I am (insert curse word) tired!

Earlier this month news surfaced about a number of incidents of attacks – verbal and otherwise – against members of the LGBT community. There was one particular report that suggested incidents against women in the LGBT community have intensified. Subsequent to that I was asked whether I believed men in the LGBT community were disproportionately affected by homophobic violence and discrimination, and before allowing me to respond, the questioner put forward her view that based on her knowledge, she believed men were more affected than women.

I flatly responded by saying no; that is actually not the case. I continued by sharing that before getting involved in advocacy about two years ago, I used to think that our intolerance as a society for homosexuality, was largely and primarily actioned against men. I used to also think, and believe that the only piece of legislation that had an anti-same-sex component was the Offences Against the Person Act, commonly known as the ‘buggery law’, never mind this piece of legislation also speaks to murder, abortion, aggravated assault, and many other offences against the person.

The first time I challenged my (old) thinking about how men and women were affected by homophobia was in an interview I conducted with Javed, who was at the time a member of staff at J-FLAG. His response to a similar question as the one referenced above got me thinking, and thinking, and thinking some more. I did my own little research and the more I explored this issue of actioning homophobia, the more I got involved with the work J-FLAG was doing, the more I became an advocate who was also learning feminism, the more I realised, what I believe today: that men and women are affected differently by homophobia, and this difference is not, and should not be, in my opinion, a manifestation of portions – greater or lesser. It is just different. What happens, however, is that many of the visible (and I mean media visible) and common (everyday) forms of homophobia that affect the LGBT population is actioned against men. The incidents don’t even need to be reported for them to become headline news.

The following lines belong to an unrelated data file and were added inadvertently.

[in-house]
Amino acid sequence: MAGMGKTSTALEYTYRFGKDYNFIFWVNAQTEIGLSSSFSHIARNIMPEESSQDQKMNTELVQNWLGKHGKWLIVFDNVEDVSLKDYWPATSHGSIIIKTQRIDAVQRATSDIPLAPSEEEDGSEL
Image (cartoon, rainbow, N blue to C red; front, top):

Let’s take homelessness, for example. Very few women actually live on the street because of the circumstances around their SOGI status. Some women who are displaced as a result of their SOGI status are able to stay with friends until they ‘get back on their feet’, because familial support seems to be greater for our women than our men, of course, excluding women who become pregnant ‘too early’. So although men and women could possibly be equally (I don’t know) affected by displacement, the worst manifestation of that – which is living on the street – affects men more than it does women. And people who ‘sofa surf’ are not visible to Jane public, but people who live on the street are visible to many of us, including our media entities and our police service. Let’s take another example, non-sexual physical violence. When reports of these incidents make the news, the victim/survivor is oftentimes a man. And it doesn’t make the news because the incident was reported to the police, it makes the news because a mob was involved, or at least a small crowd.